Everything Remains As It Never Was
19 February 2010
by Tom Dare
Swiss folk metallers Eluveitie attracted a certain amount of attention with their song ‘Inis Mona’, the lead single for their last album, Slania. One of the finer examples of the folk metal style, it firmly established Eluveitie as more authentically ‘folk’ than most of their peers, a position they consolidated last year with the release of their pure folk album, Evocation I- The Arcane Dominion.
However, despite Slania being a solid record, it was let down by being the type of album that had one or two colossal songs but patches of filler. With Everything Remains As It Never Was, the band has resumed the metal, but their sojourn in acoustic folk appears to have done them no end of good.
Eluveitie essentially play melodic death metal, only instead of generating melody by playing NWOBHM leads on heavily distorted guitars, these Helvetians play Celtic melodies on instruments many heavy metal fans have never heard of. The credits for the album include violin, uilleann pipes, tin whistle, mandola, bagpipes and hurdy-gurdy, amongst others. Certainly this gives Eluveitie more credibility to their folk claim than others (tell me, Turisas, when did the Vikings make use of the accordion?) but that does not necessarily mean they are anything other than a novelty.
There are one or two moments on Everything Remains… where it all does feel a tad gimmicky – certainly the intro track ‘Otherworld’ is not particularly well judged, the voice-over giving it the feel of a metal version of the Braveheart soundtrack. Thankfully, these moments are rare – other than the intro, only a brief snatch of ‘Quoth The Raven’ suffers this problem. To make amends, the rest of the album is frankly gorgeous.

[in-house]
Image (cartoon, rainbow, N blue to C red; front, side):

Everything Remains… does not, it must be said, have an instant hit like ‘Inis Mona’ but that is because its very nature – what makes it such a strong record – makes this unlikely. This is an album of progression. That is not to say that Eluveitie have suddenly become a folk metal Dream Theater, simply that they have written songs which grow and develop and created an album that shies away from enormous hooks or catchy choruses. The guitar work- far more impressive than on previous outings and with a much bigger barrage of riffs- forms a strong base above which the folk melodies soar and dance, evoking visions of ancient hills covered in dark forests, and of fires around which fur-clad tribes celebrate the beauty of their ancestral land. The juxtaposition between Chrigel Glanzmann’s roar and the melodic female vocals perfectly encapsulates the simultaneous barbarity and beauty of a bygone age.
Watch the video to ‘Thousandfold’ by Eluveitie
Just because the show-stopping anthem is not here does not mean Everything Remains… is not packed full of top-drawer songs. From the pounding title track through the more lyrical ‘The Essence Of Ashes’ and the acoustic ‘Isara’ to the defiant ‘(do)Minion’ and the more catchy ‘Lugdonon’ before the album is brought to a mournful, longing close by the heart-rending ‘The Liminal Passage’, there is not a weak moment of music to be found. Granted, some of the guitar riffs are not the most original and would not be out of place on a long-lost At The Gates recording, but there is never a dull moment. There is always something commanding your attention.
Eluveitie’s achievement is to draw one passage into another, creating an album that may not have many instantly memorable moments but will keep you returning to experience the whole opus. They have delivered that rarest of records, particularly amongst folk metal- it keeps you interested right through to the end, and makes you wish it would keep going long after it finishes. Everything Remains As It Never Was is a wonderful, beautiful album that it would be a mistake to overlook.
Sounds like: Crimfall, Suidakra, At The Gates with bagpipe folk melodies
Top tracks: Thousandfold, Sempiternal Embers, The Liminal Passage
Eluveitie – Everything Remains As It Never Was tracklisting
Everything Remains as It Never Was
The Essence of Ashes
Kingdom Come Undone
Quoth the Raven
The Liminal Passage